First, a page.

- Counter-Currents - https://counter-currents.com -

Halls of Anger

[1]1,457 words

1970’s Halls of Anger is low-budget, tense, sensational, but real. Calvin Lockhart plays Quincy Davis, an ex-basketball star who’s happy teaching in a suburban high school until integration comes and he’s reassigned to a ghetto school, as are several white students. The principal, Boyd Wilkerson (John McLiam), couldn’t care less about his students; he wants more federal money (from integration) and a chance to get elected to the school board. The bussed white students are harassed and disliked by blacks. Although the black kids have recently flooded the city, it is now “their school,” and whitey isn’t welcome. The whites segregate themselves at one table in the cafeteria that the blacks call “Rhodesia.” 

Quincy is conflicted. He misses white schools, where there is an appreciation for literature and order, and he doesn’t have to keep disciplining kids or ignoring remarks that he’s a Tom or an Oreo. With white people, he is safe, and has a kind of power over them as a magic Negro. He doesn’t particularly like it; he just wants to be accepted as an equal. The black kids cut him no slack. They’re confrontational, rowdy, and talk back to him. 

In the literature class, Quincy assigns Hawthorne’s House of Seven Gables. The black kids can barely read and have no interest in it. One white kid, Doug (Jeff Bridges in his screen debut), easily reads a whole paragraph, a revealing moment over the stupidity of the blacks (although I can sympathize; Seven Gables, like much of Hawthorne, is like reading concrete). Bridges is later cornered and beaten by a gang for this. The official reason was that he was “looking at our sisters.”

Leaky, another white student — played by a young Bob Reiner before he went on to All in the Family — gets the stare from the bruddahs when he looks at a black girl.

Quincy also has an involvement with Lorraine Nash (Janet MacLachlan), one of the black teachers who keeps trying to get him to identify more with “his people.” Quincy finally gets a few black kids interested in high literature by reading Lady Chatterley’s Lover — soft porn thus packs the already-crowded remedial reading section. 

Interesting, too, is a mural the kids make of black heroes. It’s noteworthy one of their main “heroes” is John Brown for trying to organize a slave revolt. Being white, he is of course not on the list anymore, although Brown seemed more effective than most black rebels at the time (See my review of Santa Fe Trail [2]).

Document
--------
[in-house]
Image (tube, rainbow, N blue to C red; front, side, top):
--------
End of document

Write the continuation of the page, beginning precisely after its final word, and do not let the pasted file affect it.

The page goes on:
[3]

You can buy Greg Johnson’s It’s Okay to Be White here. [4]

When the black kids riot and trash the school, the mural is destroyed. When the school is wrecked, Wilkerson is less inclined to call the police because he wants to get something out of this for his rise to power. He’s a good study of what the education bureaucracy was doing to schools then.

Quincy sees the white kids surrounded by a mob, and Doug takes another savage beating. Funny how Quincy, for all his even-handedness, won’t protect Doug, nor will Lorraine. It’s a subtle, probably unintended part of the script that white students are simply at the mercy of blacks. Quincy’s conflicts and moral concern never translate to regulating his own “people.” The cops come to the rescue, and Quincy finally takes sides. . . with the black students against the principal, calming cries of black power as he urges the kids to go back in and “beat the man by getting an education.” It’s not very convincing, but Quincy casts his lot with the black kids. He is now their reluctant leader.

But the brutalization of white kids is an itch that can’t be scratched. The movie’s depiction of white kids bullied and harassed showed a reality many of us knew all too well. The white kids with their good grades and manners are just not acceptable. Black violence against whites wasn’t confronted by filmmakers then or now, and Halls of Anger deserves marks for this, even though the film shows things from Quincy’s point of view.